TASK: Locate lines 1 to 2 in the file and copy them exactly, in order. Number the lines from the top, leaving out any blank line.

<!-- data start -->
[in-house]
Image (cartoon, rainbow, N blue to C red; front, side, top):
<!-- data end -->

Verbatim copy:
[in-house]
Image (cartoon, rainbow, N blue to C red; front, side, top):